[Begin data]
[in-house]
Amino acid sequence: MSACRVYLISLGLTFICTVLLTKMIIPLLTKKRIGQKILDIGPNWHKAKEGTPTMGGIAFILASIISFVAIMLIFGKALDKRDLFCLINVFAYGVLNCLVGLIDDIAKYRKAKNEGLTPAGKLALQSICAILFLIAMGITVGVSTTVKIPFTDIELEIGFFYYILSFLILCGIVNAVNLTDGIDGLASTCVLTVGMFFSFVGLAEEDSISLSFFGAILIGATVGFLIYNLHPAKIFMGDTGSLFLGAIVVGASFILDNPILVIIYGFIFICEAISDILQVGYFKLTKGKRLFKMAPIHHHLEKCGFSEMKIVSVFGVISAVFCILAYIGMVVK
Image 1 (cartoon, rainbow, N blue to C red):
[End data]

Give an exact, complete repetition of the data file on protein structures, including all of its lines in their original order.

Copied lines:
[in-house]
Amino acid sequence: MSACRVYLISLGLTFICTVLLTKMIIPLLTKKRIGQKILDIGPNWHKAKEGTPTMGGIAFILASIISFVAIMLIFGKALDKRDLFCLINVFAYGVLNCLVGLIDDIAKYRKAKNEGLTPAGKLALQSICAILFLIAMGITVGVSTTVKIPFTDIELEIGFFYYILSFLILCGIVNAVNLTDGIDGLASTCVLTVGMFFSFVGLAEEDSISLSFFGAILIGATVGFLIYNLHPAKIFMGDTGSLFLGAIVVGASFILDNPILVIIYGFIFICEAISDILQVGYFKLTKGKRLFKMAPIHHHLEKCGFSEMKIVSVFGVISAVFCILAYIGMVVK
Image 1 (cartoon, rainbow, N blue to C red):